This school year, students are grappling with usual concerns — understanding assignments, studying for standardized tests, preparing for the next stage after graduation — along with the weighty challenge of navigating online school during the coronavirus pandemic.
How can students get through this year and make it a success? The Seattle Times posed that question to experts and students in an Education Lab Live Q&A online last week.
The discussion featured Lizz Dexter-Mazza, a licensed psychologist who provides therapy to adolescents and young adults; Ellen Sklanka, a professional organizer; and two students, Abigail Brittle of Shorecrest High School and Ritika Khanal of Mountlake Terrace High School.
Here are some resources and tips the panelists shared during the event.
How to deal with stress and anxiety
Lizz: Practice mindfulness, specifically being aware when you recognize your emotions are running the show. When you’re in that place, practice doing just one thing in the moment. Focus on being right here, right now.
When we practice radical acceptance, the current reality allows us to move away from “shoulds.” I should be in school. I should be able to see my friends. I should be able to go to a restaurant. When we get stuck in those shoulds, it increases our suffering and our misery. When we radically accept the current reality and not the reality we want to be in, then we can move into effective problem-solving and action.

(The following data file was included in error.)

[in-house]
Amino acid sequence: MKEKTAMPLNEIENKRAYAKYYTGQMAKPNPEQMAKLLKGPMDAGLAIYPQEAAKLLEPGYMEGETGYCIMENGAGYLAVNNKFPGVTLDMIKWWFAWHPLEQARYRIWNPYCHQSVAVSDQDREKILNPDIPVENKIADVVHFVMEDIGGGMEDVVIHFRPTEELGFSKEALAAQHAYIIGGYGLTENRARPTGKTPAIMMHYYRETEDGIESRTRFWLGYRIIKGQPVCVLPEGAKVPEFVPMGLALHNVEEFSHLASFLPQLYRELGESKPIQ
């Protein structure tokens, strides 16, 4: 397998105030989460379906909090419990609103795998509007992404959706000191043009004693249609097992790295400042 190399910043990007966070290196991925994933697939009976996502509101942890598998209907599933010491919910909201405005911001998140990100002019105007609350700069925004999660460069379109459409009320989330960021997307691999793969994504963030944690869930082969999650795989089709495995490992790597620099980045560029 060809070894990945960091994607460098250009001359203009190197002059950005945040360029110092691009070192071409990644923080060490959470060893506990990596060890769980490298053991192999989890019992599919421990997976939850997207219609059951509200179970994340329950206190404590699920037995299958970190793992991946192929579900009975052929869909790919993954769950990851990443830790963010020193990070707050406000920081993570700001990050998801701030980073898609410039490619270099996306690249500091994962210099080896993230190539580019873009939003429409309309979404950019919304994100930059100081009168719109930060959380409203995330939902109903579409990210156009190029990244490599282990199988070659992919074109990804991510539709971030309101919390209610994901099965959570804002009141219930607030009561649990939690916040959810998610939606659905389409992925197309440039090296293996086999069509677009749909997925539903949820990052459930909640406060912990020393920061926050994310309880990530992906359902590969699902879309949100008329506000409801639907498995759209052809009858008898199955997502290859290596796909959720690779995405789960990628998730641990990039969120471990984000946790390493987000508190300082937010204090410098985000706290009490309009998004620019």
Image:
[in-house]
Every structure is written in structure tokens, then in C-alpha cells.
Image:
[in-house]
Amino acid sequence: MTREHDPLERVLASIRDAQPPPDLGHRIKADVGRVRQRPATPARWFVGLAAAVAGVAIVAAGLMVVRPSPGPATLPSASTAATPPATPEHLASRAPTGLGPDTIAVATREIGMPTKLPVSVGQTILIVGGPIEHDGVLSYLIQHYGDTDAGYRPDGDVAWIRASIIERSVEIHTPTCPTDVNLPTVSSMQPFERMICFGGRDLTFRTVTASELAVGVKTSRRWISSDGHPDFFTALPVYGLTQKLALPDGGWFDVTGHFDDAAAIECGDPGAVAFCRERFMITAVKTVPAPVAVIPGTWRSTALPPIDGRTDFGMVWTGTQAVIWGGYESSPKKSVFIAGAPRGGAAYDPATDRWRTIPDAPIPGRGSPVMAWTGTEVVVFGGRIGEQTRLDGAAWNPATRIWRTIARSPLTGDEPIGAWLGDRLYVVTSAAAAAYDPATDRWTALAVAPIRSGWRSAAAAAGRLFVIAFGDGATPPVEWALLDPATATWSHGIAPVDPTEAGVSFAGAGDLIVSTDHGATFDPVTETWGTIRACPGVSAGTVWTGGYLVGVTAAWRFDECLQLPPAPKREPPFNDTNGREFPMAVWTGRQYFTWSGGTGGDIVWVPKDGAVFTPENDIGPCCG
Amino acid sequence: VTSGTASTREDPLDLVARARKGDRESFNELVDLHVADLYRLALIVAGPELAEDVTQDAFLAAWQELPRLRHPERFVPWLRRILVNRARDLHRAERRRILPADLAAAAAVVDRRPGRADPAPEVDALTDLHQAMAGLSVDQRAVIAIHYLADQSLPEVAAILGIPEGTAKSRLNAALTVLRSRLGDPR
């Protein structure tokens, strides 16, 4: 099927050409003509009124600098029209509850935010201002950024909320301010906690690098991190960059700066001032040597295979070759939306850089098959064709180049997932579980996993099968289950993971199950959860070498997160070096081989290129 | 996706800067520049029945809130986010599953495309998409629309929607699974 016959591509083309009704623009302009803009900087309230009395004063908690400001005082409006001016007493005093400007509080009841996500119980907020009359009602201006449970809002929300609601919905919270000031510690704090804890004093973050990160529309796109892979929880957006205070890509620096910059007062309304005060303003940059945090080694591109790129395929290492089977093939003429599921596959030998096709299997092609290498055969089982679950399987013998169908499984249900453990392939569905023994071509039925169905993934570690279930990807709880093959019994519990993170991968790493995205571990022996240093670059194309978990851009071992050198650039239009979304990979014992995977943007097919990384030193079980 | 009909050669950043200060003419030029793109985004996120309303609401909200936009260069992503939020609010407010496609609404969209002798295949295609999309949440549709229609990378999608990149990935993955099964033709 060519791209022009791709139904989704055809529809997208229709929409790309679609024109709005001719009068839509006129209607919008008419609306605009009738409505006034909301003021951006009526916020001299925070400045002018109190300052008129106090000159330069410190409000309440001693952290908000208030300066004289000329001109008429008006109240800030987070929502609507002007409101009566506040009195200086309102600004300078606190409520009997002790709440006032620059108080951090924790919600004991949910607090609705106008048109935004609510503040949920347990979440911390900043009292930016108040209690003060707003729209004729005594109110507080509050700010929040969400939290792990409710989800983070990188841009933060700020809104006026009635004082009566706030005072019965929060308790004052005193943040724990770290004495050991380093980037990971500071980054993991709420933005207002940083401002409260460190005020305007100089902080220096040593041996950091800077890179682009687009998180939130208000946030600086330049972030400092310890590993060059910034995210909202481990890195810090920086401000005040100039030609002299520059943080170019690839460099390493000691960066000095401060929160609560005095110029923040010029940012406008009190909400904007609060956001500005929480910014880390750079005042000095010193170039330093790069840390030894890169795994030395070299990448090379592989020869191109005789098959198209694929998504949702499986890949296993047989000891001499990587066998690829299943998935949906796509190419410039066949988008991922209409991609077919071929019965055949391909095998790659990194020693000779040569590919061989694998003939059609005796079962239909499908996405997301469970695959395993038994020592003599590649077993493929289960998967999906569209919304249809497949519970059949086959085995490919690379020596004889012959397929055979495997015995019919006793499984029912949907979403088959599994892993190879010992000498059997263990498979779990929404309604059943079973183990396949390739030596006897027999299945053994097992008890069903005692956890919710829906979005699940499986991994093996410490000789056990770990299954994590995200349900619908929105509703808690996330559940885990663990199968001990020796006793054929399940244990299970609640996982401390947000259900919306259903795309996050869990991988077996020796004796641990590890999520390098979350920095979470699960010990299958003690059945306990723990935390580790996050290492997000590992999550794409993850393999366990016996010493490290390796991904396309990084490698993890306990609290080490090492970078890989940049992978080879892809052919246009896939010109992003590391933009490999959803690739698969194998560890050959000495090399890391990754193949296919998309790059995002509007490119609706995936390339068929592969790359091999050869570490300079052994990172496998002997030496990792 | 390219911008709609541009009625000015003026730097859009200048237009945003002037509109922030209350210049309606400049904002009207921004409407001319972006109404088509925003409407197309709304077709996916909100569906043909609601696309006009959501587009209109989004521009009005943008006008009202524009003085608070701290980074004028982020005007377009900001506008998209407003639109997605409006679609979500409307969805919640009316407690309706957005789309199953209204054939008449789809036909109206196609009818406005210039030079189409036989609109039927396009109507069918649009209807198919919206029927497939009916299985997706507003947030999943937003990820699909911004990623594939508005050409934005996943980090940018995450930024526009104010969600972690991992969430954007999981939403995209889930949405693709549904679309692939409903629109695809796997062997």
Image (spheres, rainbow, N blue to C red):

How to deal with procrastination
Rikita: Set yourself a goal, make yourself a schedule and stick to that schedule: I’m going to go to bed at this time. I’m going to do my homework during this time. And I’m going to set aside this much time to do my homework.
Abi: When you are stressed or when you’re inclined to put work off, there’s something wrong with the head space you’re in. Identifying that first is really important. There’s definitely days when I wake up or when I’m in the middle of class and I’m like, I can’t do this anymore. And then I look around and I make sure that my basic needs are covered and then I’ll feel a little bit better. And that might even just include drinking a glass of water, making a sandwich.
If schedules like that don’t really work for you, if it’s really hard for you to stick to that schedule as it is for me sometimes, I think of just setting a simple goal. For example, I’m going to work for the next 45 minutes and when those 45 minutes are up, I’m going to be done.
How to stay connected to friends and make new friends
Ritika: You’re not alone. There are so many people who are going through literally the exact same thing that you’re going through. Social media has been key, using it to communicate and send Snapchat videos. Sometimes just calling friends and using the technology..
Many high schools are continuing to hold clubs. Even though it’s really weird to not do it in person and it’s one more Zoom, people who have the same interests and working together toward a similar cause has really been helpful to stay connected.
Abi: Right now, I’m so grateful for apps like Snapchat, because I can send full two-minute videos to friends, of just me talking or walking around my room or washing my face or doing homework and I don’t have to be live and in-person with them.
How to deal with difficult family members
Ellen: Talk about what works well and what doesn’t, and define each person’s baseline of what they need to make this all work for them. It could be, “I need to not be interrupted while I’m in class during these times,” or “I really hated it when the dog came in and barked in the room during a lecture.”